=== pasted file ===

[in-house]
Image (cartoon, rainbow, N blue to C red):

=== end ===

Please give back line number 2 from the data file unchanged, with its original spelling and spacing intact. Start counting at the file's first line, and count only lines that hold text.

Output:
Image (cartoon, rainbow, N blue to C red):